Signpost (Weber, Utah), 1978-03-241
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wsu Volume 38 Number 39 Ogden, Utah March 24, 1978 I" -V::; I;"' j! v. "":;'"" ':;fej- KiMiP -:'-:- IP! .J i Hi. 5 A. - i ' Photos by Clyde Mueller THE DEMOLITION of buildings on the corner of 22nd and Lincoln is one of the initial phases for the Ogden Mall. Yets investigate tuition waiver By John Eldard The Weber State College Veterans Association is investigating the possibility of an 80 percent tuition waiver for Vietnam-era veterans. Research obtained from Dean K. Philips, a Colorado veteran and the United Veterans Committee of Colorado is being used as the basis for proposed legislation. Issue: State Tuition Waiver for Colorado Vietnam Era Veterans, a document written by Philips, outlines the basic reasons for tuition waivers and was instrumental in attaining waivers for Colorado veterans. WW II Vets In the document, Philips says the returning World War II veterans received free tuition and fees up to $500 a year. Philips added that in 1948 it paid 100 percent tuition at state schools and 89 percent of private school tuition. The veterans were given a $75 a month living stipend which he claimed would be equivalent to $160 today. Veterans received free books and supplies and their benefits were received for forty eight months. According to Philips, "The tuition waiver is an investmentin people rather in banks. Veterans who gain more training and education will as a result, secure higher paying jobs and pay more state income taxes back into the system." Tabled Action Due to the poor turnout at past veterans association meetings, association officials have tabled any action until after the March 30 meeting and have added if attendance is poor the issue will be dropped due to the lack of support. The meeting is at 1 p.m. in U.B. 325. Inside today: Editorials Page 4 OSHAwork Page 6 New library hours Iag 8 Sports Pages 14-16 it Attorney calls sentence illegal By Brad Hart A Salt Lake City defense attorney says that Second District Court Judge Calvin Gould's sentence he gave to Luana Hall Haig, Ogden, "is an illegal sentence." Gould told Haig, a former Ogden Adult Book and Cinema Shop employee, that he would suspend a five-year prison term if the bookstore proprietors closed the store permanently. Her attorney, Stephen R. McCaughey, said, "I don't think you can impose that kind of sentence . . . where she has no control over the situation." He explained that Haig terminated her employment, on his advice, immediately after her Aug. 5, 1977 arrest. . . . Prior Restraint The attorney said trying to close the bookstore by threatening to put one of its employees in prison is "a blatant attempt at First Amendment type prior restraint." "If a judge can do that, he can do anything," he added. McCaughey said he plans to appeal to the Utah Supreme Court because of the nature of the sentence. He said he had never heard of a sentence like Gould's. Wanted employees to understand But Gould said that closing the store wasn't his effort in the sentencing. "I wanted the employees to understand the risk they encounter and that their employer does not really care about them." And he says he hasn't "prior restrained anyone." "It would be if I were to issue an injunction against the bookstore," he said. He also said that he is comfortable with his decision and feels it is valid "or I wouldn't have done it." McCaughey feels differently, however. An editorial by The Salt Lake Tribune regarding Gould's sentencing says his wanting to see how concerned the bookstore owners are for their employees is "equivalent to the curiosity that tempts gunmen to occupy buildings or seize airplanes, threatening people inside as a way of getting official response to extortionate demands. It's the hostage game." McCaughey said "I think the Tribune hit it on the head when they were talking about hijackers." Gould stayed imposition of sentence until April 5. If the bookstore owners do not permanently close their store by then, Haig will go to prison. "He obviously determined she was a likely candidate for probation (by saying he would suspend the sentence) and she's concerned," McCaughey said. "Five years for selling a magazine is incredible." : " .... -'-c 'it f-Mi f T j I ,5s . I r i f U i, n r i - J r & f in' Sir MAYOR DIRKS is waiting for a confirmation on a 87 million Federal Grant. The confirmation will come by the end of March.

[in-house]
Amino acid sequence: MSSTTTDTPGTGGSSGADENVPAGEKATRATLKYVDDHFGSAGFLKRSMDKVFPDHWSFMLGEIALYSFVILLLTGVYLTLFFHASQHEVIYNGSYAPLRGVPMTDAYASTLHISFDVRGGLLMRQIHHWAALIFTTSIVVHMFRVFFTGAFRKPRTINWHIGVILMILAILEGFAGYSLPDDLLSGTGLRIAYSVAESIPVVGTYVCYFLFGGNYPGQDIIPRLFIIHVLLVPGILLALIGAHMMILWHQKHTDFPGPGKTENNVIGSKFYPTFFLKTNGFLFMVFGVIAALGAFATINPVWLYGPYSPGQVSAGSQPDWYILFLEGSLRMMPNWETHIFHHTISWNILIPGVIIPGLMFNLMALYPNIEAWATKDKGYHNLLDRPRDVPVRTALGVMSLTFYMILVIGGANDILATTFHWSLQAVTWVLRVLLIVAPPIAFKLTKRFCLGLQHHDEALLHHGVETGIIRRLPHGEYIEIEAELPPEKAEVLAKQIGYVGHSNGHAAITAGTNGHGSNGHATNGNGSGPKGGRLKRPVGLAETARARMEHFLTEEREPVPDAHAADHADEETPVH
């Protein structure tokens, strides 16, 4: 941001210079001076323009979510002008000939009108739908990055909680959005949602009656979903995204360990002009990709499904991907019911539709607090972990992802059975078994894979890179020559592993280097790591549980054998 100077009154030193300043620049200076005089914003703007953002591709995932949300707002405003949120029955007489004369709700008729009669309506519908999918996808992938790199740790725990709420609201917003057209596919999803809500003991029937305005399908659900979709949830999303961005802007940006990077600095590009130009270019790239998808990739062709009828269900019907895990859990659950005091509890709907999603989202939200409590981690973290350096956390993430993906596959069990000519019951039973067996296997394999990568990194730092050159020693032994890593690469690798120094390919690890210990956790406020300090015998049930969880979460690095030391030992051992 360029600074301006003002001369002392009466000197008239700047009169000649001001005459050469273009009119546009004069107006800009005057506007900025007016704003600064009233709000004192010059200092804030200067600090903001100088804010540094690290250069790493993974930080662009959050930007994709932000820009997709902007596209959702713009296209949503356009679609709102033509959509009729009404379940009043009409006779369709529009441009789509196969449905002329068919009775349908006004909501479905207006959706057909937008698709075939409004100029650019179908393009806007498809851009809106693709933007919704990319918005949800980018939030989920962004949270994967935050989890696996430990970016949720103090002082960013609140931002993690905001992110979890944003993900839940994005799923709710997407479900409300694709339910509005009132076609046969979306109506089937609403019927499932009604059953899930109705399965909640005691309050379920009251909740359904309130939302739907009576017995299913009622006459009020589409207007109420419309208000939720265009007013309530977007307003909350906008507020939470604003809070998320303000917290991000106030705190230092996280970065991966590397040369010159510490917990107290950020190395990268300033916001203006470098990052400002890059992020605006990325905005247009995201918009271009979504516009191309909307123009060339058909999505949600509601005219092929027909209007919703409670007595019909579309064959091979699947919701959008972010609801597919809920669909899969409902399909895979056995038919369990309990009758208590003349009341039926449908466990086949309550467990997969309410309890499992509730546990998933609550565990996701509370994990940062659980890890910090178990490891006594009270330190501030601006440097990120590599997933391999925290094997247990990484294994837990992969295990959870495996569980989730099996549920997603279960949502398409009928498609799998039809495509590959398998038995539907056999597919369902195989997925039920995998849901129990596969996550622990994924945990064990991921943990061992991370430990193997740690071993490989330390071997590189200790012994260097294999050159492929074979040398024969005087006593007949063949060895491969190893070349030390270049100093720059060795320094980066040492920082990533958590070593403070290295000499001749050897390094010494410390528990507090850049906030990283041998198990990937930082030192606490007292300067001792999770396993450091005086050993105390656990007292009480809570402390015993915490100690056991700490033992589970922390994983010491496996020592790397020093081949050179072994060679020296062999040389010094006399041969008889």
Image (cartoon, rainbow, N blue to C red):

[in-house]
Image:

|Title||Signpost (Weber, Utah), 1978-03-24, Vol. 38, No. 39|
|Creator||Weber State College|
|Contributors||Associated Students of Weber College; A generous grant from the Utah State Library and the Institute of Museum and Library Services.|
|Description||Weber's current student newspaper, the Signpost, first appeared on September 29, 1937. For two years prior to that time, campus news was disseminated via announcements posted on a bulletin board known as the "Signpost". As a result, the masthead of the first issue of the paper itself featured a rudimentary wooden sign with the title spelled out in rustic-looking letters. Over the years the paper has been published continuously, though the look, size and style has changed several times.|
|Subject||College student newspapers and periodicals; Weber State College|
|Publisher Digital||Stewart Library, Weber State University|
|Source||University Archives LD5893.W55 S5, Stewart Library, Weber State University|
|Rights Management||Public Domain. Courtesy of University Archives, Stewart Library, Weber State University.|